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Archive for the ‘Ardbeg’ Category

Introduction

Wow, it’s been quite a few weeks since I posted any whisky reviews. I’ve been busy with a work project, and while I’ve had my fair share of drams, and taken notes here and there, I just didn’t find the time to write an actual blog post. My plan now is to quickly post a series of notes on core Islay expressions.

In January, I read Serge’s great post about reviewing whiskies and establishing “benchmarks” for yourself on WhiskyFun.com. For the most part, I think I’ve done basically what he talked about in that article when reviewing whiskies. When I take tasting notes, it’s in a controlled, consistent environment. I always compare with familiar expressions, and I have personal “benchmark” expressions for different types/regions of whisk(e)y.

Ardbeg 10 has been an Islay benchmark for me over the past two years. However, after reading Serge’s post, I realized that I never actually wrote up my notes and provided a score on this expression. So here we go…

Ardbeg 10

Tasting Notes

Ardbeg 10 (2010; 46%; $50)

Nose: A combination of sweets and wood smoke, like eating smores at a camp fire. Some fruit (leaning towards citrus) and vanilla are also present.
Palate: Big and oily, turning peppery as it works towards the back of the tongue. Bottling at 46% was a wise decision! Don’t confuse “big” with rough, though. This is actually a pretty smooth customer.
Finish: Continued pepper on the tongue, and the camp fire comes back up through the nostrils. In fact, it’s as if the wind shifted and the smoke blew right in your face and stuck to your nose hairs. As the finish very, very slowly dies down, I feel like there is a hint of licorice or anise present. This is a flavor that I’m generally not fond of, but this whisky is so good overall, I’m able to work around it.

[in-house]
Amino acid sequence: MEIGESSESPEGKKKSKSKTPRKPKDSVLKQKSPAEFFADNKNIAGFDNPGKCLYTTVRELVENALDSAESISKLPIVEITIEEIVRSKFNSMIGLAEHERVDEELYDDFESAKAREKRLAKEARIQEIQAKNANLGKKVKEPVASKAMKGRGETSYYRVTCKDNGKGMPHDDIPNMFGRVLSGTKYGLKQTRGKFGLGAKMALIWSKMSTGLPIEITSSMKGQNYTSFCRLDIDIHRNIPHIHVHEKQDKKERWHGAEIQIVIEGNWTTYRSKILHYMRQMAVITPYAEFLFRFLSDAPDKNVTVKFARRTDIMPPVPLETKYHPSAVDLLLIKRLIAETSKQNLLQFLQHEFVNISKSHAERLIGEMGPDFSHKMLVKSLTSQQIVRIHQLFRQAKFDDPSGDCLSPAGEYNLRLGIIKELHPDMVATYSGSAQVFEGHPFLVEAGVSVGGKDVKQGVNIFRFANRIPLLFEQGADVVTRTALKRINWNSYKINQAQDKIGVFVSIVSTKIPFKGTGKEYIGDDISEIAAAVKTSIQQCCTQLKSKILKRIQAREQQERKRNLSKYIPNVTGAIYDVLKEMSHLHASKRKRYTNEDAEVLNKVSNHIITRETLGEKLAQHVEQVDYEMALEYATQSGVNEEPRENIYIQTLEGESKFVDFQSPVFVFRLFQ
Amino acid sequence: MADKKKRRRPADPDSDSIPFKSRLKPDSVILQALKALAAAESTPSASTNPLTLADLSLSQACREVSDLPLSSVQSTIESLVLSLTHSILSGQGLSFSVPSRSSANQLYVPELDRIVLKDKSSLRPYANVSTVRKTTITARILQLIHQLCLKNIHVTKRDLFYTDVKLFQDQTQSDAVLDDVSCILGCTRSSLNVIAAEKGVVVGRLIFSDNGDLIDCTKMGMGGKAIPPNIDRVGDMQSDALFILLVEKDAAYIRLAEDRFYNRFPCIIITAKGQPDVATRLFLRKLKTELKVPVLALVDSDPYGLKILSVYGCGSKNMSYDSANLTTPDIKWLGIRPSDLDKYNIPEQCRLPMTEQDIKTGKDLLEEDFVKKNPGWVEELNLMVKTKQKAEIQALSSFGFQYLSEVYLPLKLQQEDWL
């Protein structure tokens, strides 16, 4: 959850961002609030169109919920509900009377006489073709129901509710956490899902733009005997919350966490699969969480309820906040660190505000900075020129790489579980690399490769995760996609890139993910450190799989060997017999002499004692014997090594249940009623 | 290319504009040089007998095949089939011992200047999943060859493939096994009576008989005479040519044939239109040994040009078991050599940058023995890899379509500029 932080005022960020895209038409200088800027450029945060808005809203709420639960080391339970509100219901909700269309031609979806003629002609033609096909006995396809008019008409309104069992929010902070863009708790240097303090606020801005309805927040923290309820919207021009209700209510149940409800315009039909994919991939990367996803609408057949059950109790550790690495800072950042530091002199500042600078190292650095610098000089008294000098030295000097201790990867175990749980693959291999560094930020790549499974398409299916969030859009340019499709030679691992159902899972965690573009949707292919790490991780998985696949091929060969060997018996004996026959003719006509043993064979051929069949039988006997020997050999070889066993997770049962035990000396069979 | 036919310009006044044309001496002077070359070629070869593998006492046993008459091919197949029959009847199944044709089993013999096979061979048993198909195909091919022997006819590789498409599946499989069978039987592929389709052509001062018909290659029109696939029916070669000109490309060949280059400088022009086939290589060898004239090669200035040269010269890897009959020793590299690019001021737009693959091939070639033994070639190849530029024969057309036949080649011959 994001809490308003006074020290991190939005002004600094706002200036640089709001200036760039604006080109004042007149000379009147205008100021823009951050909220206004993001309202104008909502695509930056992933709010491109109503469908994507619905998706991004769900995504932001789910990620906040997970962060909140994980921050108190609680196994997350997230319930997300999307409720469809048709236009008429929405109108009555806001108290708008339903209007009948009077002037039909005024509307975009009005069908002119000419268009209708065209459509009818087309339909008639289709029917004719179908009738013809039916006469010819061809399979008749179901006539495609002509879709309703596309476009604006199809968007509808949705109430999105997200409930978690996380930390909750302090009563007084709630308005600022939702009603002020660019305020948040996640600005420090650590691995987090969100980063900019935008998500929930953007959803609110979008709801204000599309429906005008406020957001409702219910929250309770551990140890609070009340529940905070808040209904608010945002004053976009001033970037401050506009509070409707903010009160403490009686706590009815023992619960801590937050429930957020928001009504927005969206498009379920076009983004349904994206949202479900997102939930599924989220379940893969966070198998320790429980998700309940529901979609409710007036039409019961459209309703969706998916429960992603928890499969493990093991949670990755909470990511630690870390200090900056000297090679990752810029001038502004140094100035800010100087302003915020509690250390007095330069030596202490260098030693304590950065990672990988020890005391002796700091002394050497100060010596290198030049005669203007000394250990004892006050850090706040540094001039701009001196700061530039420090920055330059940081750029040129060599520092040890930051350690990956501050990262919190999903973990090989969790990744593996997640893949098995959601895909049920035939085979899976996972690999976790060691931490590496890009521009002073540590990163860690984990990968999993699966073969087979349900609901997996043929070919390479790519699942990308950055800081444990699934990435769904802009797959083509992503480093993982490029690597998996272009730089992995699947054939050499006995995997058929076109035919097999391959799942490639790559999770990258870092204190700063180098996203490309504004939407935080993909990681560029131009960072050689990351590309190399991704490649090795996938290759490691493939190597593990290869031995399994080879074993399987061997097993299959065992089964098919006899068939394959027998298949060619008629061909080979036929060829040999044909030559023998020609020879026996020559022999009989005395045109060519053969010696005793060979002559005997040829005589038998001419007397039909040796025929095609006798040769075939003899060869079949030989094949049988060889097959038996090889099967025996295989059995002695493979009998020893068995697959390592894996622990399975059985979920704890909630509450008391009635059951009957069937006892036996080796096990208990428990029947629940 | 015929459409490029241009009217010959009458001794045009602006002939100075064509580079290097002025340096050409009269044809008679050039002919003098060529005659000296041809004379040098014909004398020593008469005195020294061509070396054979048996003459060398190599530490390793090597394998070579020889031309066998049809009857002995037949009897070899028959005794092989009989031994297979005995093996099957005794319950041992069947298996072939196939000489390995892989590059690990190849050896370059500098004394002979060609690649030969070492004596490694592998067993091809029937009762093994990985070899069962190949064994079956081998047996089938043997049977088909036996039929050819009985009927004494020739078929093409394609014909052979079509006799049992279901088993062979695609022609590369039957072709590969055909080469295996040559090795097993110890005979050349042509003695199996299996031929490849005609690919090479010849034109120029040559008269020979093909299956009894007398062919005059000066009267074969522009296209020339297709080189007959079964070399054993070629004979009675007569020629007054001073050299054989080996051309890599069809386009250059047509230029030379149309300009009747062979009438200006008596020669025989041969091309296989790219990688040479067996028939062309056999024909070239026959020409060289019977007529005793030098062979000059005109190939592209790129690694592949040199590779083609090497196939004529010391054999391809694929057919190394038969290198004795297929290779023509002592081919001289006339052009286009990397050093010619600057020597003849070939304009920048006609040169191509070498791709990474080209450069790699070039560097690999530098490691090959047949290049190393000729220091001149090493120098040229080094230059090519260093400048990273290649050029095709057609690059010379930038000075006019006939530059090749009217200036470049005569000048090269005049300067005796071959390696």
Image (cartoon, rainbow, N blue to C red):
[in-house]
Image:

Comments: Relatively light in color, but deep and brooding at heart, I think Ardbeg 10 is the perfect drink for sitting in a cabin in the woods during the winter, near a fire and reading a book. It’s well rounded, smoky, and big without being overwhelming. I’ve had two bottles of this…one from 2006, and this 2010 bottle. From my notes, I found the two to be very similar. This expression is deserving of the many accolades it receives, and truly is a benchmark Islay whisky. Obviously, not an expression for the anti-smoke crowd. This is on the high side of a B rating for me; 86 points.

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In my post yesterday, I talked about the Glenmo/Ardbeg tasting I attended, and the fact that they served a cocktail with Ardbeg in it:

Smoky Peach

Smoky Peach

Smoky Peach

  • 2 parts Navan vanilla cognac
  • 1 part Ardbeg 10
  • dash of Fee Brothers Peach Bitters
  • served on the rocks.

After the big tasting yesterday, I was going to skip my nightly dram tonight, but having purchased some Navan and Peach Bitters on my lunch break today, I wanted to try making a small Smoky Peach.  I purchased Navan vanilla cognac, the same one they used at the tasting. I was interested in Meukow VS Vanilla (yes, admittedly because I thought the bottle was cool), but after reading this comparison on Scottes’ Rum Pages blog, I decided to stick with the Navan. I want to be able to serve this to people who don’t care for a heavy “spirit” nose, and I think the strong vanilla component is important for this cocktail.

I started with 35ml of Navan and 20ml of Ardbeg, then added a little under 1/2 teaspoon of peach bitters and finally the ice. Too much bitters for me! A little really does go a long way (I guess the shaker cap was a good clue to that this was the case). I added a few more drops of Navan and Ardbeg, then let the ice melt a bit and it was closer to what they served last night. Next time, I’m going to try 44ml Navan, 25ml Ardbeg, and somewhere around 1/4 (or less) teaspoon of bitters and adjust from there.

I’ll post an update if I find the “perfect” mix (for me).

[Update 6/6/09] The 2-1 ratio of Cognac to Ardbeg seems to work just fine.  It’s the peach bitters you need to be careful with.  Start with just a drop and work up.  I made a mix with 8 oz Ardbeg and 16 oz Congnac, and I only needed a few drops of bitters.